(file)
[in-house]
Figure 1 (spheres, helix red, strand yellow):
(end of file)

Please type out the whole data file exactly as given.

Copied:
[in-house]
Figure 1 (spheres, helix red, strand yellow):